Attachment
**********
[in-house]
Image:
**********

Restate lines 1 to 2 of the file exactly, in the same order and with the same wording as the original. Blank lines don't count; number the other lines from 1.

[in-house]
Image: